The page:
05 PM | 28 Jun

Why I wrote The Tuning Station

The Tuning Station has been out for nearly a month now. And while it hasn’t exactly shaken up the world, it has sold slow and steady, and found readers in four countries so far. The reaction, at least from those who have either reviewed the book or contacted me personally, has been satisfying and often humbling. But most gratifying is how many have felt a personal connection to the story.

Some comments I’ve received:

“The story made me cry, and nowadays barely any novel does that anymore.”

“The discussion is not a whole lot different than the constant introspection, self doubt and fears of an Asperger’s host. Personally, I read my life in this account”

“By the time I reached about 30% I still was not quite certain yet, if the story was written from Christian or an atheist perspective.”

“I think you did a great job, portraying both sides in quite a fair manner to the point where you even gave the atheist a few points of advantage in the beginning. This might allow a non-religious person to identify with Ted. “

“Not only does the novel avoid caricatures and glib answers, but it tells the story of two versions of the same life in a manner that is profoundly moving. “

“(the main character) seems to me a lot like my oldest son. He was never diagnosed with Aspergers or anything else, but he was always considered strange by other kids and by his teachers, and he was therefore constantly bullied in school, badly bullied.”

As the comments indicate, it’s definitely not light summer reading.

The topic of Aspergers is one that is near to my heart. My oldest son was diagnosed with it as a small child, and he’s exactly like me. It provided a way to explain how our minds work, and why we have difficulties connecting with others, especially during our formative years. This theme made the book extremely personal for me, despite the character’s difficult past that I do not share, and the obviously fictional sci-fi elements.

It was my intention to write a book that presented the atheist characters fairly and respectfully, in a way that feels real. In doing so, it has proven to be an uncomfortable journey for some Christian readers. My opinion is that the best way to communicate with someone is to truly understand him or her; to go beyond the obvious exterior and figure out “why”. The book sets up a circumstance where the two main characters know each other in a way impossible in the real world. Up to a point in time, everything about them was identical – events, actions, feelings, and even the exact thoughts in their head. More alike than any two people could be, even identical twins. Thus, how they could possibly end up at two dramatically different points of view is a mystery that can only be revealed by delving deeply into their lives and reactions to each other.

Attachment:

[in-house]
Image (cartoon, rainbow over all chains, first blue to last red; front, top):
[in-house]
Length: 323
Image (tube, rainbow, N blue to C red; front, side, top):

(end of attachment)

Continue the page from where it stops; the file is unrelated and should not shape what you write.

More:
The most humbling comment I’ve received so far is this one:

“I finished the Tuning Station last night. Whew, what a ride. I’m praying that God will show me why, at this time in my life, all this stuff from my past was dredged up again. Stuff I haven’t thought about in a long, long, time. I almost put it down it brought up so many bad memories. But I finished it and now I just will keep asking what am I suppose to do with it?”

I wrote this novel because of what I see in the world around me these days. Young people are losing their faith, and so many of our actions are counter-productive; from severing relationships to preaching apologetics, both sides seem to talk around the issues. Why, exactly, do we see the same things so differently? Why does something so meaningful to me leave another person unaffected? When something turns us against God, what is it that brings us back?